Henry F. Farny

Farny was born in 1847 in France, but was raised near Warren, Pa., after his family fled to escape Napoleon’s regime. It was there that the Seneca tribe intrigued young Farny.

After his father died in 1863, Farny left Woodward High School to help support his family. He became an illustrator in the New York office of Harper’s Weekly.

After a year he made his way to Europe. He studied landscape painting before returning to Cincinnati where he worked as an illustrator for magazines, children’s books and circus posters.

Farny’s best-known work took shape after a three-month trip West to the Dakota Territory in 1881. He had hoped to meet Sitting Bull, but the great Sioux chief had been sent away as a prisoner of war.

Farny stayed on making sketches and gathering artifacts from which he began to paint nostalgic images of the West. These paintings would define his career.

In the following 13 years, Farny made four more trips West to gather material for his paintings, including a 1,000-mile canoe trip down the Missouri River.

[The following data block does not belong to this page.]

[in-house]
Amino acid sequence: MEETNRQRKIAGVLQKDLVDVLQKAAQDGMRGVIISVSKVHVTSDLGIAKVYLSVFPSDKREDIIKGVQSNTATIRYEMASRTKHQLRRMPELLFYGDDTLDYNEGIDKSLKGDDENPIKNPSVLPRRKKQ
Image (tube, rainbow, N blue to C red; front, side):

Farny painted his subjects in a realistic style but in romantic idealized scenes. Some of the paintings depict incidents that he probably never witnessed.

According to biographer Denny Carter, Farny was primarily a conservative artist. But because of his European training, he was able to incorporate advanced ideas – Japanese printing techniques, the use of photographs, the lighter pallette of the Impressionists – into his work.

“This blend of old and new concepts contributed to Farny’s convincing realistic style,” he writes, “and accounted for his unique vision.”

Farny was also a bohemian, a wit and raconteur who was in great demand as an after-dinner speaker. He counted among his friends Theodore Roosevelt and Sarah Barnhardt and wrote short stories, acted in amateur theatricals and was a talented cabinetmaker.

“His paintings, minutely and accurately described, exhibit a nostalgia for an exotic land and people,” Carter says. “Farny told his story of the Indian, but most of all, he painted the Plains Indians’ country.”



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